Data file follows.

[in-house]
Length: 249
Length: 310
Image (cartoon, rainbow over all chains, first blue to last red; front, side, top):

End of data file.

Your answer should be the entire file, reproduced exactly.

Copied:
[in-house]
Length: 249
Length: 310
Image (cartoon, rainbow over all chains, first blue to last red; front, side, top):